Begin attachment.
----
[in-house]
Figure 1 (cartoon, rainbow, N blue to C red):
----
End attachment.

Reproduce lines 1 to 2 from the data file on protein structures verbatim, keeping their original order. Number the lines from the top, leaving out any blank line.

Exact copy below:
[in-house]
Figure 1 (cartoon, rainbow, N blue to C red):